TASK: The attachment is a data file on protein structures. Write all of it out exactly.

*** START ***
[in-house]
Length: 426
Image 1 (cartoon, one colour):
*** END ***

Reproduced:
[in-house]
Length: 426
Image 1 (cartoon, one colour):